County council appoints citizens to redraw districts

March 4, 2011

By Warren Kagarise

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King County Council members appointed a team of community leaders in January to update the map for representation in county government.

The council appointed four members Jan. 18 to the King County Districting Committee, the citizen committee responsible for redrawing council districts based on 2010 Census data. The county is carved into nine districts, each represented by a single council member.

John Jensen

“Redistricting is a challenging, time-consuming process that is vital to ensuring our residents are fairly represented,” Councilman Reagan Dunn said in a statement.

Dunn represents District 9 on the nine-member council. The district encompasses Newcastle, the rural area near Issaquah, Maple Valley and areas inside Bellevue and Renton. Districts could be shifted as the citizen committee starts to sift through population data.

The council appointed representatives from across the county to serve on the panel. The lineup includes John Jensen, president of Jensen Roofing Co. and a past member of the King County Charter Review Commission. Jensen, a Newcastle resident, has also served the Newcastle Chamber of Commerce as a longtime board member and past president.

The citizen panel selected retired Superior Court Judge Terrence Carroll as chairman Feb. 7.

Carroll is a respected arbitrator and a Distinguished Jurist in Residence at the Seattle University School of Law. He specializes in alternative dispute resolution, and has heard more than 3,000 mediations and 1,000 arbitrations in the past 20 years. He has also served as a deputy prosecutor, a public defender and a private-practice attorney.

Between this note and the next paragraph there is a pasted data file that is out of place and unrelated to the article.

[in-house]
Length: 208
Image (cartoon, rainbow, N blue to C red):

Jensen said Carroll’s skills and background make him an ideal fit for the position.

“I feel like Terrence Carroll was made for this job,” he said. “His experience in arbitration, dispute resolution — along with his passion for public service — make him an excellent choice.”

The county charter grants the authority for adopting a final districting map to the citizen Districting Committee, not the County Council.

The committee then chooses a technical expert to serve as “districting master” and holds public meetings to gather community input. It will select its districting master March 18. The committee must complete the process and file the final districting plan by Jan. 15, 2012.

State law and the King County Charter require council district boundaries to be reset by using the most recent census data, which the committee first saw at the end of February.

The statutes require the edges of each district to meet the boundaries of existing municipalities, election precincts, census tracts, recognized natural boundaries, and communities of related and mutual interest as closely as possible.

Districts must also be drawn as contiguous areas and to be as nearly equal in population as possible. The population data may not be used to favor or disadvantage any racial group or political party.

Reporter Tim Pfarr contributed to this story.

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